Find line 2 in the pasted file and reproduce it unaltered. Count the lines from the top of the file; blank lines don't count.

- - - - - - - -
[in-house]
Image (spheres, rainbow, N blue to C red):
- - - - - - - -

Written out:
Image (spheres, rainbow, N blue to C red):